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The Webfooted Astronomer - August 2000
Minutes: Show and Tell
by David Irizarry
THE July SAS meeting was held on Wednesday, July 19, and the program consisted of SAS members showing their treasures and telling their tales. But first things first, the meeting began with announcements.
AnnouncementsJoanne Green mentioned that the Dr. Brownlee interview continues on Saturday, July 22, on "Reasons to Believe," which is Broadcast on KKMO AM 1360 at 9 a.m. and KGNW AM 820 at 11 a.m. You can also get the complete transcripts at the online archives of Reasons to Believe http://www.reasons.org.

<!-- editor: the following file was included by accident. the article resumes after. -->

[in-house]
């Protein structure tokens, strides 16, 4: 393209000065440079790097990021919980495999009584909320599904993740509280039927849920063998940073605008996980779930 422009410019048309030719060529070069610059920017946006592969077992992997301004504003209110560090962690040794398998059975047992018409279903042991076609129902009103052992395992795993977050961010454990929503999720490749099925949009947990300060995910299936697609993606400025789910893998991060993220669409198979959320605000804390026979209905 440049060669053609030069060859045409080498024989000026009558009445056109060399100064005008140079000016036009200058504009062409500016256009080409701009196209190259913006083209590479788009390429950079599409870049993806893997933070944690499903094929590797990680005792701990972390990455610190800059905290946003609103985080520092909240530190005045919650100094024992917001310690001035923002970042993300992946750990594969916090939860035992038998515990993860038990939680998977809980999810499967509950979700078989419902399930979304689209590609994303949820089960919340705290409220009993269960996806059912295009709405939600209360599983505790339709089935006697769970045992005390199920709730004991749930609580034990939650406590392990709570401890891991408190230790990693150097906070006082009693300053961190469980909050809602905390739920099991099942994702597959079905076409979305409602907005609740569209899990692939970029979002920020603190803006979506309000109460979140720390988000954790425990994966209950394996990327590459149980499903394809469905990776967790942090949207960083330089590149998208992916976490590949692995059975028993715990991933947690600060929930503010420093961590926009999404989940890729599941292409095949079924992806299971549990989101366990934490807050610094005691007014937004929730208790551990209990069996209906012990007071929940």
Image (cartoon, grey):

Karl Schroeder announced the August 5 New Astronomer's Meeting at his house. The Astro-Camping trip near Goldendale was a success. To do it again, we need about 20 people to share the cost of attaining the campground. Goldendale observatory's Steve Stout expressed a need to raise funds for summer interns program at the observatory. There was also a concern about light pollution near the observatory. Also, Goldendale Observatory is looking for help in staffing the observatory when Steve Stout is out on vacation or ever gets sick. Contact Karl if you wish to help regarding these issues at 206-362-7605.
Randy Johnson announced the next SAS board meeting will take place at the Table Mountain Star Party. A tent will be available for this meeting.
Fred Quarnstrom reminded members that the SAS has telescopes that are available for loan. To borrow one, contact Fred at 206-329-0500. Scopes are available for sign-out Monday through Thursday at his office 3051 Beacon Hill, Seattle.